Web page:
We join an ecstatic crowd to cheer on the Gunners in the comfort of Club Wembley’s private box
Football, English football in particular, evokes a collection of relentless emotions among fans worldwide: camaraderie, nostalgia, elation, mania and often sorrow (when your team loses). It is one of the rare few moments in human experience when the audience perfectly resonates with the emotional roller coaster players go through in the pitch, and every sudden movement or a slip is greeted with a cacophony of gasps and boos, building up to the eventual release: the belligerent bellowing of GOAL! And the cycle repeats itself for at least the next hour or so.
As such, football is an intense game, and it could be both exciting and stressful to be in the midst of human-wave undulations, occasionally showered with tears, sweat, and confetti. However, my experience of the FA Cup semi-final between Arsenal and Manchester City was an unusual one. Perched on top of the brand new stadium, J and I tucked into delicious salt beef, sauerkraut and dreamy warm brownies with white chocolate sauce. We washed the meal down with champagne while peering out at the sea of silver and blue Manchester City fans, singing and dancing in unison.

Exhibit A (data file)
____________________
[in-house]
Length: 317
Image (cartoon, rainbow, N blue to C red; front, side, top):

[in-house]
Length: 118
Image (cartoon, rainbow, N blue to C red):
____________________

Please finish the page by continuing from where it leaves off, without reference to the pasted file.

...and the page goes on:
But it is how the football rich-listers and other HNWs enjoy it, we hear from Nick Read, the head of Club Wembley, who hosted us in one of the 160 private boxes within the stadium’s inner atrium. A collection of eight, twelve or twenty seat-divisions with glass doors leading into a hotel-like room with 5-star service, the boxes start at £37,200 per season. While pointing to David Beckham’s private box just metres away, Read enlightened us on the philanthropy the non-profit organisation is part of. A third of the FA’s revenue is reinvested into English grassroots football.
The glass partitions (covered during football matches) allow owners and their guests to dip into the joyous atmosphere of the event at play, and back out into the luxury embrace of the air-conditioned box, for a moment of quietude and an opportunity to tuck into a warm pork pies (a consolation when Arsenal seemed to be losing during half-time).
And you don’t miss out on the updates either, as the indoor television screens provide all manner of match analyses one needs. I was more than happy to focus on delectable helpings of salads and finger food instead, but J, an avid Arsenal fan, was glued to the set with an anxious expression on his face.
Despite initial worries, the game ended well for us as Arsenal scored the winning goal after a nail-biting half-hour of both teams to-ing and fro-ing on the pitch. It was a shame we couldn’t wear the red and white attire to join in the celebration with the rest of the stadium, but we understood that club rules had to be respected.